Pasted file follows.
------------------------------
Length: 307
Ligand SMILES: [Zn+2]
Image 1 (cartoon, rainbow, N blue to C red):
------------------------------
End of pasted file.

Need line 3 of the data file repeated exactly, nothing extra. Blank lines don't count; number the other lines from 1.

Image 1 (cartoon, rainbow, N blue to C red):